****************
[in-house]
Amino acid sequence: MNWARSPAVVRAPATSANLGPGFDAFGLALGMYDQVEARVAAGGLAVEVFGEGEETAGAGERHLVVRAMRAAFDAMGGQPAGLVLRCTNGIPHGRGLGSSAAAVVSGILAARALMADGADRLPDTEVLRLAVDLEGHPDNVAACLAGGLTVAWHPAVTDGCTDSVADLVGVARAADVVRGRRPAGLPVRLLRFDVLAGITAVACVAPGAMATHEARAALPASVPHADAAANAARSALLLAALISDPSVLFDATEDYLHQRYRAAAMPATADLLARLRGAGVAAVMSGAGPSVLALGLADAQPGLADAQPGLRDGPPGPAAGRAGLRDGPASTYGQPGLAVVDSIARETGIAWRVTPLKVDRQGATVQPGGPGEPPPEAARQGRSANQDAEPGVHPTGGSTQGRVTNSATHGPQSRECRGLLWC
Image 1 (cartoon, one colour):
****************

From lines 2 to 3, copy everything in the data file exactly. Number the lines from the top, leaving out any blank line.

Amino acid sequence: MNWARSPAVVRAPATSANLGPGFDAFGLALGMYDQVEARVAAGGLAVEVFGEGEETAGAGERHLVVRAMRAAFDAMGGQPAGLVLRCTNGIPHGRGLGSSAAAVVSGILAARALMADGADRLPDTEVLRLAVDLEGHPDNVAACLAGGLTVAWHPAVTDGCTDSVADLVGVARAADVVRGRRPAGLPVRLLRFDVLAGITAVACVAPGAMATHEARAALPASVPHADAAANAARSALLLAALISDPSVLFDATEDYLHQRYRAAAMPATADLLARLRGAGVAAVMSGAGPSVLALGLADAQPGLADAQPGLRDGPPGPAAGRAGLRDGPASTYGQPGLAVVDSIARETGIAWRVTPLKVDRQGATVQPGGPGEPPPEAARQGRSANQDAEPGVHPTGGSTQGRVTNSATHGPQSRECRGLLWC
Image 1 (cartoon, one colour):